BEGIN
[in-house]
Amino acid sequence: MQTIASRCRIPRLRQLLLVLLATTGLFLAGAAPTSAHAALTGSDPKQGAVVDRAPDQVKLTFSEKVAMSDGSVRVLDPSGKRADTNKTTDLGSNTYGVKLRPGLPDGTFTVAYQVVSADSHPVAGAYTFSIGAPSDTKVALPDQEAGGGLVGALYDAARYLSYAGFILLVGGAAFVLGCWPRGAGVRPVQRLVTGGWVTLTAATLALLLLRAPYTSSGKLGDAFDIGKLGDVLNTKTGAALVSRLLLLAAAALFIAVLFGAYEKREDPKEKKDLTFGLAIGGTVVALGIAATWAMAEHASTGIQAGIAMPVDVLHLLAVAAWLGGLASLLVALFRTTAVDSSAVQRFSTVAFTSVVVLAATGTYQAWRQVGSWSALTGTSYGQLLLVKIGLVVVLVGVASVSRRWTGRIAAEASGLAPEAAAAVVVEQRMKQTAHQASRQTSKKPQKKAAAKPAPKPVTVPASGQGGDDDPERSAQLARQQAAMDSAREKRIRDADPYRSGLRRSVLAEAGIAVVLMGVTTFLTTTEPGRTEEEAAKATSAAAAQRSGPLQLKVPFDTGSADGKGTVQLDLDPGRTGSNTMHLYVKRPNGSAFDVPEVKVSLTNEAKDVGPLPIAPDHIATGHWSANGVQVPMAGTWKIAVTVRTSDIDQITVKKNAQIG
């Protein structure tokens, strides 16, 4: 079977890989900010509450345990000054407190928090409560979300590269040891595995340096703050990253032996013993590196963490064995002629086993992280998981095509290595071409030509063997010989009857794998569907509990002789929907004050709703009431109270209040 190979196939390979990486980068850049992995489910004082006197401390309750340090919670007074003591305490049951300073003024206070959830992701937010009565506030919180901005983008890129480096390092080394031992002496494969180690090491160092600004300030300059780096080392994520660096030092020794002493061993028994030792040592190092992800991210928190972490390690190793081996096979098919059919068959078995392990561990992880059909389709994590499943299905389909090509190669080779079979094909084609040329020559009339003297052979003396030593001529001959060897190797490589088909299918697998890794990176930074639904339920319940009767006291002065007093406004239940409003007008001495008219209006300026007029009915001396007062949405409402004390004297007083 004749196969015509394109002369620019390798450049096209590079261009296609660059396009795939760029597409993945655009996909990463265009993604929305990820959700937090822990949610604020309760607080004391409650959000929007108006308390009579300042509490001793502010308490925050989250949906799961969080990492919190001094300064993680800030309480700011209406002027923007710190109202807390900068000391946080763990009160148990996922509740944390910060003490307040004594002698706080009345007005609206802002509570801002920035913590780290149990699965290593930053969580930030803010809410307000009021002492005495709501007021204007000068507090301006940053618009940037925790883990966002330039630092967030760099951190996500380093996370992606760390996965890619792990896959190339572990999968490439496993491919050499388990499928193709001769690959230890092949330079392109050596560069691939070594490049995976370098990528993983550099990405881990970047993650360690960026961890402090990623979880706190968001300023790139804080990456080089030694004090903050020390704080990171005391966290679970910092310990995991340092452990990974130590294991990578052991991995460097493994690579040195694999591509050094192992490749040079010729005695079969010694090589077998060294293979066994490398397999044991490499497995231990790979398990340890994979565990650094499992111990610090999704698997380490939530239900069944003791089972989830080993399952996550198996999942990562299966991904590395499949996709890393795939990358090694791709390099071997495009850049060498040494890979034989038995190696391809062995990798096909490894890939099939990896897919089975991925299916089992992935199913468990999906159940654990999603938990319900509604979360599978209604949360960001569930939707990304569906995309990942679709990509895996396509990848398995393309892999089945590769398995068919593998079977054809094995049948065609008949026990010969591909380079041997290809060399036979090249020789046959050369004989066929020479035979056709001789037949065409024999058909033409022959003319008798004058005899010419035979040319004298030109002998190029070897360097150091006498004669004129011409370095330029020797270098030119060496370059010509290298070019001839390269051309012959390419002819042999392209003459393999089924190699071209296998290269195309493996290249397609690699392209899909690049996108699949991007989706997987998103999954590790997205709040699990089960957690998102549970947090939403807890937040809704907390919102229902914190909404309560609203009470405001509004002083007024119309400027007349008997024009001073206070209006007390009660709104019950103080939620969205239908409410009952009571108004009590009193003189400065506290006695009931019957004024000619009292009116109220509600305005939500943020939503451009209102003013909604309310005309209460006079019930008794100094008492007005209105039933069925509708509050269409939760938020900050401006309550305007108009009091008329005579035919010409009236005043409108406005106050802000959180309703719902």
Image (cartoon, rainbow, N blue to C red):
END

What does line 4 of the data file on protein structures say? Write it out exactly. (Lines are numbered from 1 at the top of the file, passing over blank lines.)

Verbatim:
Image (cartoon, rainbow, N blue to C red):